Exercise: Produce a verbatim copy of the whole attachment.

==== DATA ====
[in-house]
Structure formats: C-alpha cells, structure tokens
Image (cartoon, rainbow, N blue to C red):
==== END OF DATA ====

[in-house]
Structure formats: C-alpha cells, structure tokens
Image (cartoon, rainbow, N blue to C red):